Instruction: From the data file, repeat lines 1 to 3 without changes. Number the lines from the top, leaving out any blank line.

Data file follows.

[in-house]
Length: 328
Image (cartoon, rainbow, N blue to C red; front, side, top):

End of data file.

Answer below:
[in-house]
Length: 328
Image (cartoon, rainbow, N blue to C red; front, side, top):